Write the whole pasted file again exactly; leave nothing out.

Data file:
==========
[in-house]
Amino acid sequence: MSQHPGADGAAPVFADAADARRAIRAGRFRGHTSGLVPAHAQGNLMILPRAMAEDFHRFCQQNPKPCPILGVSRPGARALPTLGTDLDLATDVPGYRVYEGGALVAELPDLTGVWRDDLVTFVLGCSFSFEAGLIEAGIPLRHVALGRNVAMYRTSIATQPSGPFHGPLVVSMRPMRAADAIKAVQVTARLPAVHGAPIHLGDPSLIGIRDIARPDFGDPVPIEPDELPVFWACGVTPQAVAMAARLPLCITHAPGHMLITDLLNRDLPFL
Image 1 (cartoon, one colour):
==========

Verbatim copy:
[in-house]
Amino acid sequence: MSQHPGADGAAPVFADAADARRAIRAGRFRGHTSGLVPAHAQGNLMILPRAMAEDFHRFCQQNPKPCPILGVSRPGARALPTLGTDLDLATDVPGYRVYEGGALVAELPDLTGVWRDDLVTFVLGCSFSFEAGLIEAGIPLRHVALGRNVAMYRTSIATQPSGPFHGPLVVSMRPMRAADAIKAVQVTARLPAVHGAPIHLGDPSLIGIRDIARPDFGDPVPIEPDELPVFWACGVTPQAVAMAARLPLCITHAPGHMLITDLLNRDLPFL
Image 1 (cartoon, one colour):